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Uber Technologies Inc. is asking provincial governments across Canada for regulatory changes that would force the tech giant and other app-based companies to offer gig workers benefits and safety protections.

The San Francisco-based company said Wednesday it wants the provinces to require app-based gig employers to accrue benefits funds for workers and provide safety tools and training without having to take away the flexibility of their work by declaring them traditional employees. The request comes just weeks after the U.K. Supreme Court ruled Uber drivers in that country should be classed as workers and not self-employed, paving the way for benefits such as paid holidays and minimum wage.

Read: Uber drivers classified as workers, given benefits in landmark U.K. ruling

Uber’s proposal is a significant shift from its long-time independent contractor model, where drivers and couriers pick up riders or orders as they please but aren’t offered health insurance, vacation time or many other perks associated with traditional employment.

“Our view is our current employment system is outdated, unfair and somewhat inflexible and some workers get benefits and protections and others don’t,” says Andrew MacDonald, Uber’s senior vice-president of global rides and platform. “We feel that COVID has exposed some of those fundamental flaws and think this is a good opportunity for change.”

MacDonald and Uber are calling their pitch Flexible Work+ and marketing it as a step up from the independent contractor model that gives perks to drivers and couriers, but doesn’t take away their power to choose when, where and how often they pick up riders or meals. The company hopes to use the model to address frequent complaints from drivers and couriers who want the benefits provided by traditional employers and more transparency around their earnings.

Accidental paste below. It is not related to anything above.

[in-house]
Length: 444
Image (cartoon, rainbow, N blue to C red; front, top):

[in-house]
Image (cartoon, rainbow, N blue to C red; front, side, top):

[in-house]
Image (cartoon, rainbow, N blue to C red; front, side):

Read: Some Uber, Lyft drivers suing over California’s Proposition 22

Both requests have become even more important during the coronavirus pandemic as gig workers saw their earnings fluctuate. UberEats couriers in Toronto, for example, told The Canadian Press in February they were concerned about the company’s treatment of workers after pay changes resulted in some of their earnings dropping from $10 to $3.99 per trip before tips during the last year.

If provincial governments back Uber’s proposal, the company would offer drivers and couriers in the country access to funds that they can spend on prescriptions, dental, or vision care and potentially even registered retirement savings plans or tuition.

Uber envisions drivers and couriers getting to decide how to use the money, which could be allocated based on hours worked. The company is also hoping provincial changes would allow it to give drivers and couriers equipment like safety vests or phone mounts without creating the perception that it’s a traditional employer.

Read: Uber case about arbitration clause, not classification of employees

It would also commit to offer more transparency around pay, find more ways to engage with drivers and delivery people and invest more in those finding work through the app — all features it doesn’t require government assistance for.

Uber is pursuing the Flexible Work+ model rather than existing ones because an October survey of 670 Canadian drivers and couriers showed 85 per cent couldn’t continue driving or delivering if flexible work wasn’t offered. When the company asked about specific models, it found 29 per cent strongly preferred and 30 per cent somewhat preferred to be an independent contractor. About 15 per cent strongly preferred and 20 per cent somewhat preferred the traditional employee model.

Using feedback, the company started devising Flexible Work+ and asked drivers and couriers about it. While 65 per cent of them favoured it, 16 per cent liked the current independent contractor model and 18 per cent wanted to be classified as employees with benefits.

Read: Uber, Lyft spend big, win in California vote about drivers, benefits